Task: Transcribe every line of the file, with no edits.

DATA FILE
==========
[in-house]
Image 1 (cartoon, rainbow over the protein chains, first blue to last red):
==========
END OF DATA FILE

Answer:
[in-house]
Image 1 (cartoon, rainbow over the protein chains, first blue to last red):